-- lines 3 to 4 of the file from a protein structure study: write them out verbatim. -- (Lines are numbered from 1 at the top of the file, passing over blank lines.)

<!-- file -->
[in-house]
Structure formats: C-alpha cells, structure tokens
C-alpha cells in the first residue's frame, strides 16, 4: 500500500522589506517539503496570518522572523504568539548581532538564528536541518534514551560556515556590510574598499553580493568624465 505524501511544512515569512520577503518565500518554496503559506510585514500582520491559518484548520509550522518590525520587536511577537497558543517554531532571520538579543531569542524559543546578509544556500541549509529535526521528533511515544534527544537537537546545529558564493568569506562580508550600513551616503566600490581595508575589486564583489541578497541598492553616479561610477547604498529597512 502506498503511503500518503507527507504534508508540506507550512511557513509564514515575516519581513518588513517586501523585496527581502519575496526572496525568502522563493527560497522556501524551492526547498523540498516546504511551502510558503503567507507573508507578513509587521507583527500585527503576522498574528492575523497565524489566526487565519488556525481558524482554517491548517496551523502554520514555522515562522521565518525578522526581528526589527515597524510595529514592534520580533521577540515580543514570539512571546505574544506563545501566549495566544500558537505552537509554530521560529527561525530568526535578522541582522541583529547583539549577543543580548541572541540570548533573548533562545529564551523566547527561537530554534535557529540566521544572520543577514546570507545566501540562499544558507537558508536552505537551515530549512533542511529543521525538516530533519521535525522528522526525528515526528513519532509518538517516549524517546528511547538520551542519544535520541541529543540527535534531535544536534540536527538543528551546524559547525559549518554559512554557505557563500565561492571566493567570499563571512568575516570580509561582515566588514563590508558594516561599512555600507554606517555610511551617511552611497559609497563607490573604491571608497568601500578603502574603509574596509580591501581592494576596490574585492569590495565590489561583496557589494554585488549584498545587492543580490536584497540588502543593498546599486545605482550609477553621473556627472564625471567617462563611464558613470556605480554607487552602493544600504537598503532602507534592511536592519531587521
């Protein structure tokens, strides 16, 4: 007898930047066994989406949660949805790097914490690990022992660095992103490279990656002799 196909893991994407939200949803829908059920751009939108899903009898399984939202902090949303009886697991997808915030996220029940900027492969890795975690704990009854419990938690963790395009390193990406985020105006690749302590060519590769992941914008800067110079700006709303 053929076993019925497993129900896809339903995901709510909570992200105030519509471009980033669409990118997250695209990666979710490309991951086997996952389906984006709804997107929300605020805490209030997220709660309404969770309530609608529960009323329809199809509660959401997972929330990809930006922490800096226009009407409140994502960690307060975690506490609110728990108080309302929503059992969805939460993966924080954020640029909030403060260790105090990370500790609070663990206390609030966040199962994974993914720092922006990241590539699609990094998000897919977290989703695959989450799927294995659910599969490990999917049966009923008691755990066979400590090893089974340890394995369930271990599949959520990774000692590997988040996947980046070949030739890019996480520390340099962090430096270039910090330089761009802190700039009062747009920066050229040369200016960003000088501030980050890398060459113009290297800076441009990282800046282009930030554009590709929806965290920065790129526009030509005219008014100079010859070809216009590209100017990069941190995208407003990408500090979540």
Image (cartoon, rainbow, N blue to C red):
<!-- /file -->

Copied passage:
C-alpha cells in the first residue's frame, strides 16, 4: 500500500522589506517539503496570518522572523504568539548581532538564528536541518534514551560556515556590510574598499553580493568624465 505524501511544512515569512520577503518565500518554496503559506510585514500582520491559518484548520509550522518590525520587536511577537497558543517554531532571520538579543531569542524559543546578509544556500541549509529535526521528533511515544534527544537537537546545529558564493568569506562580508550600513551616503566600490581595508575589486564583489541578497541598492553616479561610477547604498529597512 502506498503511503500518503507527507504534508508540506507550512511557513509564514515575516519581513518588513517586501523585496527581502519575496526572496525568502522563493527560497522556501524551492526547498523540498516546504511551502510558503503567507507573508507578513509587521507583527500585527503576522498574528492575523497565524489566526487565519488556525481558524482554517491548517496551523502554520514555522515562522521565518525578522526581528526589527515597524510595529514592534520580533521577540515580543514570539512571546505574544506563545501566549495566544500558537505552537509554530521560529527561525530568526535578522541582522541583529547583539549577543543580548541572541540570548533573548533562545529564551523566547527561537530554534535557529540566521544572520543577514546570507545566501540562499544558507537558508536552505537551515530549512533542511529543521525538516530533519521535525522528522526525528515526528513519532509518538517516549524517546528511547538520551542519544535520541541529543540527535534531535544536534540536527538543528551546524559547525559549518554559512554557505557563500565561492571566493567570499563571512568575516570580509561582515566588514563590508558594516561599512555600507554606517555610511551617511552611497559609497563607490573604491571608497568601500578603502574603509574596509580591501581592494576596490574585492569590495565590489561583496557589494554585488549584498545587492543580490536584497540588502543593498546599486545605482550609477553621473556627472564625471567617462563611464558613470556605480554607487552602493544600504537598503532602507534592511536592519531587521
């Protein structure tokens, strides 16, 4: 007898930047066994989406949660949805790097914490690990022992660095992103490279990656002799 196909893991994407939200949803829908059920751009939108899903009898399984939202902090949303009886697991997808915030996220029940900027492969890795975690704990009854419990938690963790395009390193990406985020105006690749302590060519590769992941914008800067110079700006709303 053929076993019925497993129900896809339903995901709510909570992200105030519509471009980033669409990118997250695209990666979710490309991951086997996952389906984006709804997107929300605020805490209030997220709660309404969770309530609608529960009323329809199809509660959401997972929330990809930006922490800096226009009407409140994502960690307060975690506490609110728990108080309302929503059992969805939460993966924080954020640029909030403060260790105090990370500790609070663990206390609030966040199962994974993914720092922006990241590539699609990094998000897919977290989703695959989450799927294995659910599969490990999917049966009923008691755990066979400590090893089974340890394995369930271990599949959520990774000692590997988040996947980046070949030739890019996480520390340099962090430096270039910090330089761009802190700039009062747009920066050229040369200016960003000088501030980050890398060459113009290297800076441009990282800046282009930030554009590709929806965290920065790129526009030509005219008014100079010859070809216009590209100017990069941190995208407003990408500090979540």